Newsletter from Danish Research Centre for Organic Farming • March 2005 • No. 1

Ridge planting of maize shows promising yield increase

By Christian Bugge Henriksen, Jesper Rasmussen,The Royal Veterinary and Agricultural University (KVL), Martin Heide Jørgensen and Henning Carlo Thomsen, Danish Institute of Agricultural Sciences (DIAS)

In 2003 pilot studies with ridge planting of various crops was conducted at KVL and St. Jyndevad Experimental Station (DIAS) as a part of a collaboration between the DARCOF project CARMINA and the project Technological Development in Organic Farming.

A number of interesting observations have been made, and at KVL, where the field studies were conducted with block repetitions, a dramatic yield increase was found when maize was planted on ridges. Soybean also performed well on ridges.

Use of a newly developed ridge planter

Before the 2004 growing season a special ridge planter was constructed at DIAS Research Centre Bygholm (see Figure 1).

Figure 1.
Ridge planter developed at Research Centre Bygholm.

This planter can be used for precision planting on the top of ridges as well as planting of grass on the side of ridges. The planter was tested at St. Jyndevad Experimental Station, where maize, sugar beet and soybean were planted on ridges in spring 2004.

Yield increase in maize

The experiments showed that there are major advantages associated with ridge planting of maize (Figure 2). Ridge planting increased total dry matter yield by 60 pct. from 8.0 ± 0.7 to 12.8 ± 1.5 tonnes per hectare compared with traditional planting on flat soil.

The relative cob yield was 52 pct. with ridge planting and 56 pct. with planting on flat soil.

Figure 2. Maize on ridges (left) grows more vigorously than maize on flat soil (right). Figure 3. Maize on ridges (left) have better developed roots than maize on flat soil (right).

The reason for this dramatic yield increase is not known, but several factors may contribute:

  • use of ridges increases solar absorption and/or wind shelter, which in turn may increase soil temperature, speed up germination and increase early crop growth
  • ridges may increase drainage and reduce water logging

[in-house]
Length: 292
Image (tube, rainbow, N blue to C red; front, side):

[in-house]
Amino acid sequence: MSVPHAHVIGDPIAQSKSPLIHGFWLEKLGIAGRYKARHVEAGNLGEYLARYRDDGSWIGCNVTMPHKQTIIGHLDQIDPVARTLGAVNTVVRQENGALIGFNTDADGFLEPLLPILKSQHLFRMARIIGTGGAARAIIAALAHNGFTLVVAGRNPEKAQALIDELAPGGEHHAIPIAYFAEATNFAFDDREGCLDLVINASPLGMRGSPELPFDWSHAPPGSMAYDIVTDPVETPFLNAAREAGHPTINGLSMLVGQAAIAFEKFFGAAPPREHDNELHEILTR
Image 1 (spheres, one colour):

• looser soil in the ridges and greater soil surface may improve aeration.

If soil moisture is adequate a higher temperature and improved aeration will increase mineralization and thereby improve the supply of nutrients to the crop early in the growing season. In this way it is possible that ridges may serve as an alternative to the starter fertilizer normally used in conventional maize production.

Root observations have shown that maize planted on ridges have a more vigorous root system (Figure 3), so it seems possible that ridges may both increase the availability of nutrients and stimulate root growth. More photos from the maize experiment can be found at the weblog Okologgen (in Danish)

Ridge planting of protein crops

The positive experiences with ridge planting of maize make it relevant to investigate whether other heat demanding crops such as faba bean, soybean and lupin may show similar advantages with ridge planting. In experiments at St. Jyndevad Experimental Station faba bean planted on ridges had a larger root system and bigger nitrogen fixing root nodules than faba bean planted on flat soil. This was also found in soybean, which gave a higher yield when planted on ridges, although the general yield level was very low.

In similar experiments at KVL ridge planting of soybean increased germination compared with planting on flat soil.

Thus, in additions a detailed examination of the reasons for the dramatic yield increases in maize, it is also relevant to investigate whether other row crops may be suitable for ridge planting.

Ridge planting of winter rape

In autumn 2004 a pilot study with ridge planting of winter rape was established at St. Jyndevad Experimental Station. Earlier studies at KVL have shown that ridging in autumn and winter may reduce N leaching and increase the yield of a subsequent crop planted on flat soil. In winter the winter rape will work as a catch crop to further reduce leaching and in spring it will benefit from the growth promoting advantages of ridges. Photos from the pilot study can be found at the weblog Okologgen (in Danish).

Future studies

We now have a functional ridge planter that may be used in future studies and based on the positive results from the pilot studies, especially with ridge planting of maize, we are currently applying for new funds to perform a thorough investigation of the potential for ridge planting in organic farming.